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    May 2010
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    Quote Originally Posted by pdffs View Post
    You really can't - the gimped keybindings are one of the things I hate most about GNOME Shell.

    It really feels like they designed it primarily with the mouse in mind, but explain how "Move mouse to top-left, then traverse the entire screen to the right" to access multiple desktops is short and logical.
    ctrl + up/down can switch desktops without going into the overlay. You can also just alt tab, which by default shows applications from all desktops. To automatically open an app in a new desktop you can middle click on it from the overlay. I rarely find myself using my mouse to change desktops in gnome-shell.

    These days I prefer unity anyway though

  8. #18
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    Sep 2008
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    Quote Originally Posted by Detructor View Post
    I still can't understand how people can NOT like Gnom3. I mean, it's the most comfortable and the most easiest to use desktop environment there is.

    You can control everything with your keyboard if you want to, you can control also everything with your mouse. You can do a hybrid version. The ways you've to 'go' with your mouse are extreme short and logical.
    The problem is, the offered paradigms don't "scale" if you have many windows open.

    Sure, if you just have Firefox and Rhythmbox open, alt-tabbing is fine.

    But if you have 10 or 12 windows open, the absolute easiest way is to commit to muscle memory exactly where the window is relative to the position of the others in your taskbar, and just move the mouse down there and click it. It takes about 500 msec instead of "Alt-Tab... nope, not that one... alt-tab... nope, not that one... alt-tab... nope, not that one... alt-tab... nope, not that one... THERE we go!". And if you want to use the mouse, you have to move it all the way up to the top of the screen, then wait while it renders an iconified version of all the windows, then move your mouse to click on the one you want. That takes a lot of time. The other problem with the window selection is that the tiling feature "wraps" the windows around to the next line, so it's easy to lose track of the position of one window in the list. So for frequent task switchers (*raises hand*) it's useless.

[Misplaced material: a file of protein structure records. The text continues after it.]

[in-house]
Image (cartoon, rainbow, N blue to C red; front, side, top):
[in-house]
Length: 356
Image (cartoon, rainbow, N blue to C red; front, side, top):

9. #19
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    Jan 2012
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    Quote Originally Posted by bwat47 View Post
    ctrl + up/down can switch desktops without going into the overlay. You can also just alt tab, which by default shows applications from all desktops. To automatically open an app in a new desktop you can middle click on it from the overlay. I rarely find myself using my mouse to change desktops in gnome-shell.
    Yeah, my point was that their design for interaction was far from the "short and logical" that Detructor claimed. And there's a reason you don't use the mouse to do it - because it's painful

    Quote Originally Posted by bwat47 View Post
    These days I prefer unity anyway though
    Masochist :P

  10. #20
    Join Date
    Nov 2010
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    394

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    Once Unity gets the new spread specifications implemented, It will be almost perfect for me.

    http://design.canonical.com/2012/03/...to-the-spread/